Restaurant owners rejoice. The battle over extending tip-pooling arrangements to include employees who do not customarily and regularly receive tips may be reopened in the Ninth Circuit.  Again.

The dispute over tip-pooling arrangements stems from § 203(m) of the Fair Labor Standards Act (FLSA), which allows employers to establish tip-pools “among employees who customarily and regularly receive tips.”  Sounds straight forward, right?  The problem however arises out of the fact that § 203(m) is not written in the FLSA as a stand-alone provision governing tip-pooling.  Instead, when taken in context, the purpose of § 203 is to establish an exception to the FLSA’s hourly minimum wage requirement  by allowing employers with employees who regularly earn tips to factor in the employees’ tips into the minimum wage calculation.  This practice is known as taking a “tip credit.”  As a result, there has been a considerable amount of litigation in recent years debating whether § 203(m)’s restriction of tip-pools to only those employees who customarily and regularly receipt tips should apply to all employers, even if the employer pays its employees the minimum hourly wage and does not take the tip credit.

In 2011, the Department of Labor (DOL) said yes.  Earlier this year, we reported the 9th Circuit tipped its cap in deference to the 2011 DOL rule in its February 23, 2016 Oregon Restaurant and Lodging, et al. v. U.S. Department of Labor, et al. [pdf] decision.  However, the split 2016 9th Circuit decision issued by a three judge panel was a surprising contradiction to its 2010 Cumbie decision [pdf] which found employers who do not take the tip credit may establish tip-pools that include non‑tip‑earning employees.  The Ninth Circuit explained it overruled its Cumbie decision because the decision was grounded in legislative silence prior to the issuance of the 2011 DOL rule.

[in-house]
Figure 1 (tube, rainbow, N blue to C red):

The matter was revitalized earlier this week when the Oregon Restaurant and Lodging Association along with other leaders in the restaurant and hospitality industry filed a petition for rehearing en banc (“en banc” is a fancy phrase which means a request is being made for a case to be heard by all the judges of the court (before the entire bench) rather than by a panel selected from them). The petition alleges that in ignoring established precedent, the 2016 decision creates “a class of singularly favored employees with rights greater than those of any workers in the country, contrary to what Congress intended.”

Whether intended by Congress or not, for now, employees who customarily and regularly earn tips can go about their business with the assurance that they can’t be required to split tips with those who don’t directly earn them. Of course, the key phrase in the preceding sentence is, “for now.”  Stay tuned…